Both of them were football men through and through, one the chairman of an SPL club, the other a lifelong fan of the same club and now a director.
For Gavin Masterton, retired treasurer and managing director of the Bank of Scotland - his signature is on many of their notes - and John Yorkston, there was a vision of a cleaner, more viable future for football’s beleaguered clubs, especially their beloved Dunfermline Athletic.
That dream went sour last week when Livingston - one of the clubs with which they were involved - went into administration. It was revealed yesterday that the company set up by Masterton to pioneer the dream, Stadia Investment Group (SIG), is to be taken over by Scarborough Development Group, who have a track record of moving into troubled companies.
Masterton will be bailed out by Scarborough if the move goes ahead, but two subsidiaries of SIG, Stadia Properties and Stadia Management, have gone into receivership.
Livingston’s administration triggered speculation that Dunfermline would be next, and there remains a fundamental uncertainty over the Fife club’s position. Yorkston is adamant that the club’s lease is secure, but an expert on receivership told Scotland on Sunday that such leases could be declared null and void.
A senior figure at West Lothian Council added that they had been given strong legal advice that their leasing arrangements with Livingston FC - the council owns the land, two stands and surrounding areas - had been rendered redundant by the club’s move into administration.
"If that is the case with Livingston FC I would expect the same to be the case at Dunfermline," said the insider.
With debts in excess of 7m, Dunfermline’s position would become very grave if it turned out that they had lost their major asset, East End Park.
Huge question marks now surround the Stadia Investment Group and its plans to transform football’s finances.
Gavin Masterton retired in 2001 on a pension reported to be 216,000, and set up SIG. Prior to his retirement he had overseen the Bank of Scotland’s drive into Scottish football both as a sponsor and banker. Under Masterton, the bank loaned millions to clubs and provided massive overdrafts. It was the cancellation of those arrangements at Dundee and Livingston which pushed both clubs into administration.
After his retirement, Masterton began a business which depended on the involvement of several clubs who were heavily indebted to the bank, notably Dunfermline and Livingston.
Yorkston, chairman of Dunfermline, has been trying to distance himself and his club from their involvement in SIG, telling newspapers he is neither a director nor shareholder.
But another of his companies, Wood Investments, is linked to SIG, which also set up a joint venture with the club called Dunfermline Stadia Management Ltd on June 19, 2002. According to the last annual accounts, the company secretary of SIG is accountant Elaine Cromwell. In the SFA’s handbook she is also listed as secretary of Dunfermline Athletic.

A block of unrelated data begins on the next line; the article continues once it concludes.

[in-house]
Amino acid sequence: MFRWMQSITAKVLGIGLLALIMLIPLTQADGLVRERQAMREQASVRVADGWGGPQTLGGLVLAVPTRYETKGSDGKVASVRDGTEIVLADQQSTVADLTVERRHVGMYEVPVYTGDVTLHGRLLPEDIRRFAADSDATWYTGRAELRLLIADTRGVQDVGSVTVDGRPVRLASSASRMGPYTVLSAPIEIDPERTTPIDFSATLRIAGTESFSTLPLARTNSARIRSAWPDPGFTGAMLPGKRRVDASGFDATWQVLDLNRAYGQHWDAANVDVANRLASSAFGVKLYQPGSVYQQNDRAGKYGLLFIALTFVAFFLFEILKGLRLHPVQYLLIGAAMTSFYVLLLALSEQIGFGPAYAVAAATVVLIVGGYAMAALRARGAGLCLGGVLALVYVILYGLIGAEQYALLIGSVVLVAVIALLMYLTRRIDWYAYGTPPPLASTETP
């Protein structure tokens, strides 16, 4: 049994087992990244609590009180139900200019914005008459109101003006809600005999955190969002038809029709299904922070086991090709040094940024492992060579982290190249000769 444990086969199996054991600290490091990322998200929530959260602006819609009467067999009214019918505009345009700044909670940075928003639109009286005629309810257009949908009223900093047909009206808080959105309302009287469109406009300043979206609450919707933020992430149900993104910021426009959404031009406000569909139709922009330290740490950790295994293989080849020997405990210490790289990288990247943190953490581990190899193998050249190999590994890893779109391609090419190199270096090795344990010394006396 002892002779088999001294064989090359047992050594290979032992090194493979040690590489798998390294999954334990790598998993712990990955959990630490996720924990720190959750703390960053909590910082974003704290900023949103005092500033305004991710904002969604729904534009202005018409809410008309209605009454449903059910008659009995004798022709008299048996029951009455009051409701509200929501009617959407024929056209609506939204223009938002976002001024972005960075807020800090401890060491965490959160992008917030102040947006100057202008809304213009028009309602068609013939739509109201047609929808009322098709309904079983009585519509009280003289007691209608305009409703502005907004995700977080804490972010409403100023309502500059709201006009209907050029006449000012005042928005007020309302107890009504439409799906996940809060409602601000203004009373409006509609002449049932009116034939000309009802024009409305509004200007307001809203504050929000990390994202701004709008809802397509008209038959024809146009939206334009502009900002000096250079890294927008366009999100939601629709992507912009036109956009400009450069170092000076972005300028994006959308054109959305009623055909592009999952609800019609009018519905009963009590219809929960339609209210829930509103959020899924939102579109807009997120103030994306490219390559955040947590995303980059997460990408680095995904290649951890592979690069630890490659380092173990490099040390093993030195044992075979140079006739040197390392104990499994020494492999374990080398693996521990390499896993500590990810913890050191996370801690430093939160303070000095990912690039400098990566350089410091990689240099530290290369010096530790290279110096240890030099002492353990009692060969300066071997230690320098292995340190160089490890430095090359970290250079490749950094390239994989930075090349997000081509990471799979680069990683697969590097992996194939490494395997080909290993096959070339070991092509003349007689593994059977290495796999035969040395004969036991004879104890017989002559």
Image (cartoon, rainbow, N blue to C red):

SIG planned to persuade club chairmen to use spare land around their stadia to build office, retail and hotel developments which would provide a long-term rental income. One of those chairmen was Dominic Keane of Livingston. He has steadfastly refused to comment on his involvement with SIG.
For SIG, the office development at Livingston Football Club’s Almondvale Stadium was known as "the Showhouse", as it was used to sell the concept to other potential investors.
Record at Companies House show that SIG has a bewildering array of subsidiaries and linked companies because each time they arrived at a club a new joint venture company was set up to push forward the project.
One major problem was at Conference League side Margate, where Stadia Management’s involvement in a plan to develop their Hartsdown Park ended with the deal collapsing.
Last week, Masterton responded to the developing crisis by hiring PR guru Jack Irvine to handle the press - four years ago he was called in by the Bank of Scotland to deal with the hullabaloo caused by its links to American right-wing evangelist Pat Robertson.
Irvine said Masterton would not comment but added: "I can confirm that Scarborough are in discussions with Gavin Masterton. We believe the stadia concept is sound and that with further finance and new direction the company can be successful. We totally reject any allegation that Stadia’s problems had a knock-on effect on football clubs."
A Bank of Scotland spokesperson said: "Gavin Masterton is not an employee of Bank of Scotland and has not been for some time. Any issues concerning Stadia Group should be addressed to him.
"Bank of Scotland has always taken great care when assessing requests from football clubs for finance, as is the case for any funding request from any industry. An experienced banking team, based in Scotland, has been working with the football sector and making the appropriate decisions for many years."
That statement begs more questions than it answers. Until HBOS specify exactly why they pulled the plug on Livingston, the suspicion will linger that clubs going into administration may somehow be victims of internecine warfare in the banking and property world, rather than simply the authors of their own misfortunes.